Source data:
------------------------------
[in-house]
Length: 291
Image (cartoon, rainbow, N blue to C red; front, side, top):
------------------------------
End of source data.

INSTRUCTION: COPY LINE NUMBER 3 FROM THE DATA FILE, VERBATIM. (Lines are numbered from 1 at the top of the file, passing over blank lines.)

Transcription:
Image (cartoon, rainbow, N blue to C red; front, side, top):